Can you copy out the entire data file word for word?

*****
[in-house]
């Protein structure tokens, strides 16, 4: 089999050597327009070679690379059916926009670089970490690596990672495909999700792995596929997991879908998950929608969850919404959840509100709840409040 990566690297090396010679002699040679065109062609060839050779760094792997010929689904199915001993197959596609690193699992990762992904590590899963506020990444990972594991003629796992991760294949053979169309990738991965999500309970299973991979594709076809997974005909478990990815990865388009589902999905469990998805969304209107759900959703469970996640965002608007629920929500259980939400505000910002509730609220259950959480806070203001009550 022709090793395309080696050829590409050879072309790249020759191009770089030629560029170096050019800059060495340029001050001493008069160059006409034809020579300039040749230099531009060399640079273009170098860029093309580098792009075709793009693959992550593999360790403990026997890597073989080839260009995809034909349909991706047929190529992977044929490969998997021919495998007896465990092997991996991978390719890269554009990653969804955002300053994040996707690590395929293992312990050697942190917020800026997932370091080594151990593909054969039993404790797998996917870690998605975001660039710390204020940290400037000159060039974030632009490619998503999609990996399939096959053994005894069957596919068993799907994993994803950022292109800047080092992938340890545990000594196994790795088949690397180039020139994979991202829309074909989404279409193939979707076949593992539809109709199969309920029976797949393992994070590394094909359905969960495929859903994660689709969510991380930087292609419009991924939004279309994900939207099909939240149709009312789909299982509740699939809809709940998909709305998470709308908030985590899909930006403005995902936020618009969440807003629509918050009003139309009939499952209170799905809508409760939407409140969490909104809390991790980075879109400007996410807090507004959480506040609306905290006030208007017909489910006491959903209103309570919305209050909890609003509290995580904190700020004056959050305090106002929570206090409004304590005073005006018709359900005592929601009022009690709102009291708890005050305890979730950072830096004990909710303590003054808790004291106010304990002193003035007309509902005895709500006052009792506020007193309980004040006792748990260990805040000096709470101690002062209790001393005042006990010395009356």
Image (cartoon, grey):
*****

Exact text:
[in-house]
């Protein structure tokens, strides 16, 4: 089999050597327009070679690379059916926009670089970490690596990672495909999700792995596929997991879908998950929608969850919404959840509100709840409040 990566690297090396010679002699040679065109062609060839050779760094792997010929689904199915001993197959596609690193699992990762992904590590899963506020990444990972594991003629796992991760294949053979169309990738991965999500309970299973991979594709076809997974005909478990990815990865388009589902999905469990998805969304209107759900959703469970996640965002608007629920929500259980939400505000910002509730609220259950959480806070203001009550 022709090793395309080696050829590409050879072309790249020759191009770089030629560029170096050019800059060495340029001050001493008069160059006409034809020579300039040749230099531009060399640079273009170098860029093309580098792009075709793009693959992550593999360790403990026997890597073989080839260009995809034909349909991706047929190529992977044929490969998997021919495998007896465990092997991996991978390719890269554009990653969804955002300053994040996707690590395929293992312990050697942190917020800026997932370091080594151990593909054969039993404790797998996917870690998605975001660039710390204020940290400037000159060039974030632009490619998503999609990996399939096959053994005894069957596919068993799907994993994803950022292109800047080092992938340890545990000594196994790795088949690397180039020139994979991202829309074909989404279409193939979707076949593992539809109709199969309920029976797949393992994070590394094909359905969960495929859903994660689709969510991380930087292609419009991924939004279309994900939207099909939240149709009312789909299982509740699939809809709940998909709305998470709308908030985590899909930006403005995902936020618009969440807003629509918050009003139309009939499952209170799905809508409760939407409140969490909104809390991790980075879109400007996410807090507004959480506040609306905290006030208007017909489910006491959903209103309570919305209050909890609003509290995580904190700020004056959050305090106002929570206090409004304590005073005006018709359900005592929601009022009690709102009291708890005050305890979730950072830096004990909710303590003054808790004291106010304990002193003035007309509902005895709500006052009792506020007193309980004040006792748990260990805040000096709470101690002062209790001393005042006990010395009356």
Image (cartoon, grey):